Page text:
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I like to carry a lot of dif­fer­ent cat­a­pults in my kit. They are not heavy, don’t take up much space, and are al­ways handy to have around for all the dif­fer­ent de­mands that each ses­sion can throw up.

It’s also good to have iden­ti­cal spares of your favourite mod­els, so that a busy ses­sion isn’t in­ter­rupted by hav­ing to change bro­ken elas­tic or re­place a pouch.

My cat­a­pult col­lec­tion in­cludes com­pact de­signs for pole and close-in work, lots of stan­dard frame, medium la­tex mod­els for stand­out bait when ac­tion slows on darker pel­lets.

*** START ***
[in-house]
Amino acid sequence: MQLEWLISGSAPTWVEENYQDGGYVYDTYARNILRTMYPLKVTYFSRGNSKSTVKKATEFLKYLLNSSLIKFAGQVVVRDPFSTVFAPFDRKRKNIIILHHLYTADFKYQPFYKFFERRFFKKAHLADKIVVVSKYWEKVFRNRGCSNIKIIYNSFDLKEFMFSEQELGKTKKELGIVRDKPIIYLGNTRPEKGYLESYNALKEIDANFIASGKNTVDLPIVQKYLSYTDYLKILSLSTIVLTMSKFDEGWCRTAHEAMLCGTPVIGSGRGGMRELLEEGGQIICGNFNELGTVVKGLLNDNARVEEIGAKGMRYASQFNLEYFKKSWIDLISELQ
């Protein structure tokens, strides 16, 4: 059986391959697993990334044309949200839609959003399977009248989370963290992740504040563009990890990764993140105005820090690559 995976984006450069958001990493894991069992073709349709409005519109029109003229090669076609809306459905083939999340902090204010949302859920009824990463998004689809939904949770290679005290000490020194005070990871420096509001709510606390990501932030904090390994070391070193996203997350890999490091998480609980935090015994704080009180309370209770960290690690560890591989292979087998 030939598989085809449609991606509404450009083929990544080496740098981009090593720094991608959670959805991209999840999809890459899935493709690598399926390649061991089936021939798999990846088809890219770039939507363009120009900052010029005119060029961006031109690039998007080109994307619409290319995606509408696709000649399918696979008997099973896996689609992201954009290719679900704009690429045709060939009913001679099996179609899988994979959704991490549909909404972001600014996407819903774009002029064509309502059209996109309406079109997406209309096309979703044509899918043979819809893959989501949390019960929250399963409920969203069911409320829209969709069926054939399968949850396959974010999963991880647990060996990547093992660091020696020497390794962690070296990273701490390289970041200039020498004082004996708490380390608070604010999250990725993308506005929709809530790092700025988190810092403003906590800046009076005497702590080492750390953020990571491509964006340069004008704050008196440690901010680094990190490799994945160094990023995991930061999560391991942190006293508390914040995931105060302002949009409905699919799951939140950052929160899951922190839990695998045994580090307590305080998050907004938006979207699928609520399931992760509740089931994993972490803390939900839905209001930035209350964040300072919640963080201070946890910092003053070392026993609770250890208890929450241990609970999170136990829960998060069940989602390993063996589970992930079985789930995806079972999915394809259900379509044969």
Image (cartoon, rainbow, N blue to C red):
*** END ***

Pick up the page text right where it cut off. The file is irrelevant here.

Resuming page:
Dumb­bells work well not only for carp, but also for other species, such as bream, tench, carp and barbel. Their en­larged ends stop them com­ing off bands eas­ily, even when at­tacked by small fish.

■ A hair-rigged, banded dumb­bell boilie is a great bait to turn to when the ac­tion slows on pel­lets. mid-range wag­gler fish­ing, along with some re­ally chunky bait fir­ers for ex­treme dis­tance work.

I don’t carry spares, be­cause chang­ing hol­low la­tex can be a time-con­sum­ing busi­ness, and as I’ve just men­tioned, I al­ways have ’pults in re­serve, though I do carry some elec­tri­cal ties for fast fixes.

Ties come in use­ful if the elas­tic starts slip­ping off a prong on a pouch, which can hap­pen after ex­tended use. Clamp­ing a small elec­tri­cal tie tightly over loose la­tex on a prong an­chors it se­curely again.

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